In fact, says Gilles Lefrancois of Cartier Wind Energy, turbine prices are now about 30% higher than those quoted to his company during the first Quebec RFP, in which Cartier won contracts for six projects totalling 740 MW. Like Bulota, Lefrancois expects Hydro-Quebec will have to pay more for the next 2000 MW.
This time around, however, bidders will not be limited to developing projects in a specific region. "It gives us chance to use the better sites, wherever they are, in order to lower the price of electricity," says Lefrancois.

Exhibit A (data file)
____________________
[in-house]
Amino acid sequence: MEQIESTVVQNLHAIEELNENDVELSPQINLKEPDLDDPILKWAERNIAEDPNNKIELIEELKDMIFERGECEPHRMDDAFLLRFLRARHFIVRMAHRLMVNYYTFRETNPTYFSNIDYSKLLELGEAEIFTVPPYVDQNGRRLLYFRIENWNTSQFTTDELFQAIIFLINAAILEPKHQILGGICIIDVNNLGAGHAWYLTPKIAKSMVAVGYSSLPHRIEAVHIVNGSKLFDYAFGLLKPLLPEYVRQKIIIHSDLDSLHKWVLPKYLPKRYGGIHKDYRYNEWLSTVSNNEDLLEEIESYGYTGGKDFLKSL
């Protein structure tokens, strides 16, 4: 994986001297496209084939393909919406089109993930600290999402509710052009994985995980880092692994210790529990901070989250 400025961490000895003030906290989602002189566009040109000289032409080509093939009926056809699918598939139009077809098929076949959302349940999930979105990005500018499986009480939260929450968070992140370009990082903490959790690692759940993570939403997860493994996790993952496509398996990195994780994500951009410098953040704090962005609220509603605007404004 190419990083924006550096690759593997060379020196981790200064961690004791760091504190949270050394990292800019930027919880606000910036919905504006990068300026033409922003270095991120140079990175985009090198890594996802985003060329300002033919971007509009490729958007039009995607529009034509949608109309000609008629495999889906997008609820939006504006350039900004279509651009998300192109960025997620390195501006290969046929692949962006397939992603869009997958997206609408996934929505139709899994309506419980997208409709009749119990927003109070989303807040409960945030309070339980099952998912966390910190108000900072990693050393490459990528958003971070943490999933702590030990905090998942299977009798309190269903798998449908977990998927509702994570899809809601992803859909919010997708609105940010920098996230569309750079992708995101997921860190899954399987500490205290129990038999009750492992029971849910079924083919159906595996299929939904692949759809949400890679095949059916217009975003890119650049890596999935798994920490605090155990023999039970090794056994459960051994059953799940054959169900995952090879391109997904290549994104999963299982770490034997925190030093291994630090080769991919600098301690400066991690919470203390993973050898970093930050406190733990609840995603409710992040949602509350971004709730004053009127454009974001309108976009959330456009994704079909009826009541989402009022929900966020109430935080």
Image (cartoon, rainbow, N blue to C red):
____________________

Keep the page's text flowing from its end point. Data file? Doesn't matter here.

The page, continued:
CanWEA is pleased with the government's decision to open up the entire province to wind farm development. "Studies looking at Quebec's wind resource indicate there is more than 100,000 MW of potential within 25 kilometres of transmission lines, which is a fantastic figure," says Whittaker. "Obviously if you want to exploit that potential, then you have to allow installations to happen anywhere in the province."